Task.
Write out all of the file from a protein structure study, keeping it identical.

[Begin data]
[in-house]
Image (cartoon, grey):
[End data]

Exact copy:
[in-house]
Image (cartoon, grey):